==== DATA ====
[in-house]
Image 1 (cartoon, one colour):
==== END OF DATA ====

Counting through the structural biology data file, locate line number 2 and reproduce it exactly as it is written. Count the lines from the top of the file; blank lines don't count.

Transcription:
Image 1 (cartoon, one colour):